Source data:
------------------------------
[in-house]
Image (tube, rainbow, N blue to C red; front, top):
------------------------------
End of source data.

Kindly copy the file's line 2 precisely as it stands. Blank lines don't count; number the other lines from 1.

Image (tube, rainbow, N blue to C red; front, top):